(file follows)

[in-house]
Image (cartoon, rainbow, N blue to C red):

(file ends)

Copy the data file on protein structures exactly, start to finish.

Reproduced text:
[in-house]
Image (cartoon, rainbow, N blue to C red):